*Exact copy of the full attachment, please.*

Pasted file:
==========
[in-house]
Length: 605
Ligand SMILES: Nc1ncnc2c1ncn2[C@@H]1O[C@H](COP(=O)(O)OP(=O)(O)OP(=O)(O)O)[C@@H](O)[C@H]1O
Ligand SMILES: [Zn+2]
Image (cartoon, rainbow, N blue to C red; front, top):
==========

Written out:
[in-house]
Length: 605
Ligand SMILES: Nc1ncnc2c1ncn2[C@@H]1O[C@H](COP(=O)(O)OP(=O)(O)OP(=O)(O)O)[C@@H](O)[C@H]1O
Ligand SMILES: [Zn+2]
Image (cartoon, rainbow, N blue to C red; front, top):